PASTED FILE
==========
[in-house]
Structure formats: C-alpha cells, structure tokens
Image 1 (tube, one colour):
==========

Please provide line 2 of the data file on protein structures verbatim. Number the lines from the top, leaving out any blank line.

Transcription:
Structure formats: C-alpha cells, structure tokens